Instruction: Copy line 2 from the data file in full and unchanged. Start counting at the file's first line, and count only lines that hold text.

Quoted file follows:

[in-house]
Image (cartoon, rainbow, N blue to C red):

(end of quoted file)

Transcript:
Image (cartoon, rainbow, N blue to C red):